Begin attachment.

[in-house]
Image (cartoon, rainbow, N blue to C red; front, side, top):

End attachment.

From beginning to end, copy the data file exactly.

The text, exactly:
[in-house]
Image (cartoon, rainbow, N blue to C red; front, side, top):